Hospitality has its limits

Hospitality has its limits

I am sure you remember this as it was only short while ago. 

On July 15 of this year, a German TV channel screened a discussion entitled “The Good Life in Germany.” Chancellor Angela Merkel was shown speaking to a selected forum of teenage students from a high school in Rostock. Reem, a 14-year-old Palestinian girl from a Lebanese refugee camp who arrived in Germany four years ago with her family, challenged Merkel in fluent German. She asked why is it that she cannot enjoy the good life and education like the rest as she had to leave Germany, because she did not have a residence permit. “Politics is hard sometimes,” said Merkel, “There are thousands and thousands more in the Palestinian refugee camps in Lebanon. And if we say ‘you can all come here, you can all come over from Africa,’ we can’t cope with that.” 

The girl breaks down in tears; Merkel remains speechless for a moment and then walks across the floor and tries to comfort her by a friendly pat on her shoulders. That awkward moment when the German chancellor could hardly find a credible balance between her realpolitik and a young person’s legitimate claim for better life went viral on social media as #Merkelstreichelt (Merkel strokes) and received millions of comments, mostly critical of the chancellor.

Now, remember another picture: that of drowned three-year-old Aylan Kurdi on a Turkish shore near Bodrum on Sept. 2 of this year. His body was one of the over 3,000 that have been recovered so far from the waters of the Mediterranean. 

And then a few weeks later, the images of the tens of thousands of migrants walking towards Edirne on the E5, trying to reach the Greek border, hoping eventually to reach Germany or Austria. To the reporters who interviewed them on the way to the Greek-Turkish border, they said they had information that Germany would accept “up to one million refugees” this year. Most had fled from Syria; they had stayed temporarily in Turkey but wanted to go to Europe for a “better life.”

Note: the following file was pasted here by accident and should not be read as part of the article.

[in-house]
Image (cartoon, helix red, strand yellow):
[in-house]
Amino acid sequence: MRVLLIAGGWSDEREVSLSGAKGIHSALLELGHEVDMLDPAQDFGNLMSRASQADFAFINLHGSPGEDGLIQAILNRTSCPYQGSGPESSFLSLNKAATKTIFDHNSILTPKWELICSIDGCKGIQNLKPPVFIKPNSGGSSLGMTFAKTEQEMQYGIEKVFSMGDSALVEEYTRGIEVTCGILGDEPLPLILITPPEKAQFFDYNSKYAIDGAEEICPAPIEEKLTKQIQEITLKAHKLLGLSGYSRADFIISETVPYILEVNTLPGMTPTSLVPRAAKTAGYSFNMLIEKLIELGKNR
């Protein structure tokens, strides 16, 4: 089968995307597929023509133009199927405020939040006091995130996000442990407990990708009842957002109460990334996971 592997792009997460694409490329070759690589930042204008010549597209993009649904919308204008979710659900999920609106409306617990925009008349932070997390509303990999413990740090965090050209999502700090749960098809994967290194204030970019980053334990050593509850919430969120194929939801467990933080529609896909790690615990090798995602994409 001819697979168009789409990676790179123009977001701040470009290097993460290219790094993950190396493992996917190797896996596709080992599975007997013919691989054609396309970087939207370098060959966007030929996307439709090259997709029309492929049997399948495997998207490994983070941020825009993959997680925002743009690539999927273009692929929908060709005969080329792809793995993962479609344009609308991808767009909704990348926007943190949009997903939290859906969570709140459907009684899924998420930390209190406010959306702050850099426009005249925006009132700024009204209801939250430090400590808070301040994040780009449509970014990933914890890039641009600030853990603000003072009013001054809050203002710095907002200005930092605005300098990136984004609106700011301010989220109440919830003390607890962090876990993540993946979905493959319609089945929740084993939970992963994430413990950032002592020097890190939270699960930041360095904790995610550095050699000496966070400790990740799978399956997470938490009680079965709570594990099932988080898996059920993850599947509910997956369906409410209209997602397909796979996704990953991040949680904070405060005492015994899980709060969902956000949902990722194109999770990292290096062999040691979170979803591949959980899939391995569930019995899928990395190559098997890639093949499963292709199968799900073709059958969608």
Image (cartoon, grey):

This time, there was a real possibility for a “good life in Germany,” they thought. To the surprise of everybody, Mrs. Merkel had decided to present a friendly face to the migrants and advocate her “open door” policies, unlike several of her European partners. Remember the enthusiastic Germans welcoming refugees in Munich train station? “Those who have helped have conveyed an image of Germany that we can be proud of,” declared Merkel on Sept. 7. The strict Rostock image is out; the friendly hospitable Germany is in. What happened? Economists see economic reasons according to the latest figures. Germany has been facing a serious demographic problem and needs manpower, they say. Some 46 percent of German employers have difficulty in recruiting staff, especially qualified staff. An injection of foreign labor force (Syrians have good education and qualifications) would help the German economy sustain its position as the only surplus economy in Europe and the leading force in the EU.

And look at the latest picture: just days ago, a somber German chancellor at the Yildiz Palace sitting next to the Turkish president and explaining at a joint press conference about the seriousness of the refugee crisis and the need of Turkey’s cooperation to stop more migrants from coming to Europe. 

Mrs. Merkel in Turkey no longer looked the powerful leader, awkwardly consoling the sobbing Palestinian girl in Rostock. She looked more like a confused leader. Like the rest of Europe on the problem of migrants which “went out of control,” as she said in Istanbul. 

The figures tell the story.  According to IOM (International Organization for Migration) and Frontex, more than 700,000 migrants have arrived in Europe by various ways and over half-a-million have applied for asylum. Some 120,000 come from Syria. Germany remains the most popular destination, with 800,000 expected to ask for asylum this year. That is four times the figure for last year. However, only a proportion of them will be granted asylum through lengthy and complicated procedures. 

The sudden migration influx of the last three months has thrown Europe into confusion. One of its fundamental principles of solidarism has been seriously challenged, with EU countries refusing to share the migration burden in their own lands. Leaders of the EU are now trying to proportionally “relocate” the migrants that have entered Europe but stop more from coming. Now Mrs. Merkel is determined to assign countries like Turkey to help out. Her somber look in Istanbul shows that she has a lot on her mind, including her falling popularity at home and the next federal elections in 2017.